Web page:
As a Catholic priest, Thomas á Kempis was an active member of the St. Augustinian order. He fervently instructed young aspirants and novices in the way of the faith and wrote some three dozen devotional works including The Soul’s Soliloquy and On Solitude and Silence. Seeing a disconnect between faith and practice among many of his day, Thomas penned an urgent plea to his fellow churchmen in what has become his best known work, The Imitation of Christ.1 Typical of the theology of his day, his words reverberate the need for good works. His call is not unto salvation, but rather one to inspire those who professed the faith—that they should strive to accomplish good works for the kingdom of God. Such a call is as relevant today as it was then.
Most men are more eager to listen to the world than to God, and many are more inclined to follow the desires of their flesh than God’s good pleasure. . . .
For a pittance men will travel a great distance, but for eternal life many will scarcely take a single step. They look ahead to puny gains and sometimes shamefully wrangle over a single penny; neither do they hesitate to wear themselves out working day and night for some foolish promise or trifling object.
But for the good that never changes, for the prize beyond all prizes, for the highest honor and the glory that never ends, men, alas, are too lazy to put forth the slightest effort. You should be ashamed, lazy and ever grumbling servant, when you see other men more eager to lose their souls than you are to gain life! They find greater joy in chasing after empty dreams than you have in pursuing the truth.2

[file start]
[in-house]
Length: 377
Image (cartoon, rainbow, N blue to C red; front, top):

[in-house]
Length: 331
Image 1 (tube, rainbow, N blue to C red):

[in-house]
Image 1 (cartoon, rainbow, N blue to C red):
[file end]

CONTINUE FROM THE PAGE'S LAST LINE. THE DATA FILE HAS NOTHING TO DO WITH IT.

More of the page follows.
The man who devotes himself entirely to merriment by forgetting his former poverty, acts most imprudently, for he at the same time forgets that chaste fear of God that dreads the loss of graces already received. Nor is that man wise who, during difficult and grave times, yields to despair and thinks thoughts and harbors feelings that give no evidence of trust in [God].3
1 Thomas á Kempis, The Imitation of Christ (ed. & translated by Joseph N. Tylenda: Vintage Books; New York, 1998), xxix.
3 Ibid., 86.